Good vegetable choices for preventing acid reflux include Broccoli, kale, green beans, asparagus, Brussel sprouts, leafy greens, potatoes, cauliflower, and cucumbers.
Top tip: Although various vegetables can help you prevent acid reflux, you should stay away from sauces or toppings high in fat, like tomatoes and onions.
Despite their high cholesterol content, eggs can help you prevent acid reflux. However, while egg whites are high in protein and low in fat, egg yolks contain a higher fat content, which can trigger heartburn.
If eggs are triggering your acid reflux, you can stick to the egg whites and avoid egg yolks.
Lean meats are low in fat and help in reducing the risk of reflux. They are also an excellent source of protein, minerals, and vitamins.
Avoid high-fat meat like sausages and burgers and instead, eat lean meats like seafood, skinless poultry, and cuts of beef or pork.
Top tip: You can eat your lean meat grilled, broiled, baked, or poached.
Oatmeal is one of the best sources of healthy complex carbs. It is rich in nutrients and fiber that helps prevent acid reflux. What’s more? You can eat your oatmeal with low-fat milk like almond milk, which will provide additional alkalinity in your stomach and reduce symptoms of acid reflux.
Whole-grain bread is rich in fiber and may prevent acid reflux and lower cholesterol. The types of whole-grain bread that should top your grocery list include oat bread, flax bread, and wheat bread.
Rice and couscous
Rice is a great healthy carb that can help fight off symptoms of acid reflux. If you opt for rice as part of your GERD diet, I recommend choosing brown rice with more fiber.
Potatoes and other root vegetables
Potatoes are also a great source of healthy carbs and digestible fiber and may help prevent acid reflux.
Top tip: When you’re eating your potatoes, ensure you avoid onions, garlic, and any other ingredient that may trigger reflux.
9. Healthier Fats
Not all fats are bad for you. In fact, fat is necessary for a balanced diet. The problem is, not all fats are equal. While some fats are good for you, others can induce acid reflux.
It would help if you avoided unhealthy fats like trans fat in processed foods, or reduced fats, in meat and dairy products. Rather than removing fats from your diet completely, you can try healthy fats as an alternative. You can replace unhealthy fats with unsaturated fats from plants or fish.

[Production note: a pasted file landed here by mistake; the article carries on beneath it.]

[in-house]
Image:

Examples of monounsaturated fats that reduce acid reflux include olive oil, canola oils, sesame oils, and sunflower oils; you can also get fats from avocados, peanuts, and peanut butter; and many nuts and seeds.
Foods include safflower oil, soybean oil, corn, flaxseed, walnut, and fatty fish such as salmon and trout.
Fennel is a delicious vegetable that can be served with a salad. The sweet licorice tasty vegetable also has a pH of 6.9, which increases alkalinity in the stomach and prevents acid formation. Fennel also helps to aid digestion and to avoid acid reflux.
In the past, ginger has been one of the go-to natural remedies for stomach aches. It boasts of remarkable anti-inflammatory properties, and in small doses, ginger can help you relieve symptoms of heartburn and other gastrointestinal problems.
You can add a small amount of grated or sliced ginger to your smoothies or recipes, or you may drink ginger tea to ease symptoms.
Top tip: Although ginger can help with acid reflux, taking too much may worsen the symptoms.
Parsley is another natural remedy that has been in use for thousands of years. Its anti-inflammatory ingredient makes parsley an excellent food choice to treat acid reflux and aid digestion. Parsley tea has proven to relieve symptoms of heartburn.
13. Aloe Vera